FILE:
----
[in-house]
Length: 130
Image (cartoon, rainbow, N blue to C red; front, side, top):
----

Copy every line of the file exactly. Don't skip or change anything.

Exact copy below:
[in-house]
Length: 130
Image (cartoon, rainbow, N blue to C red; front, side, top):